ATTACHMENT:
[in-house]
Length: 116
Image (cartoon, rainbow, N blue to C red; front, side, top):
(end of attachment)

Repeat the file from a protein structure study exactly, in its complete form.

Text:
[in-house]
Length: 116
Image (cartoon, rainbow, N blue to C red; front, side, top):